It has been destroyed several times over the years and in a few months the shield will be replaced again – this time with a bullet-proof marker.
The shield was placed near the spot where Till's body was pulled from the Tallahatchie River in 1955. The 14-year-old African American was tortured and killed by two white men after he was accused of flirting with a white woman. His death became an important trigger for the civil rights movement.
"For 50 years, our church did not want to talk about Emmett Till, they just wanted to forget it," said Weems.
The students were suspended by their brotherhood, and the Department of Civil Rights's Department of Justice is also reportedly investigating.
It's not the first time the shield sees any problems.
The first sign was affixed along the river in 2007 and was stolen the following year. There have never been any arrests. When the marker was replaced, it was littered with bullet holes. In 2018, a third sign was posted at the site, but only 35 days passed before it was shot at again.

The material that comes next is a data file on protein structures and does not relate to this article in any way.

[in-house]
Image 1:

According to Matt, the shield will be replaced in October by a 600-pound reinforced steel shield Dilling, founder of the Brooklyn-based Lite Brite Neon Studios, who worked to create the shield.
And this time the shield should be bulletproof.
"We will not stop there will be another sign," said Rev. Willie Williams, treasurer of the commission. "This particular area will progress in the long run, and because of this heritage and history, it is much bigger than any of us."
The Commission calls on local authorities to initiate an investigation of the student photo. The members said they did not know if the students had damaged the sign.
When Weems walked around the remote spot where the marker stood on Friday, the destroyed signs brought him both frustration and hope.
"And the hope is that there are people in this country who care about this story," Weems said. "This Emmett Till did not die in vain, his mother did not allow him to die in vain, and we have a sacred oath to make sure these sites work again."
Jamiel Lynch and Wes Bruer of CNN contributed to this report.